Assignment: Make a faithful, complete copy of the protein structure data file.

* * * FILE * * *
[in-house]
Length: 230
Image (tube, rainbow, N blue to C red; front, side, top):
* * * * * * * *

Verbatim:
[in-house]
Length: 230
Image (tube, rainbow, N blue to C red; front, side, top):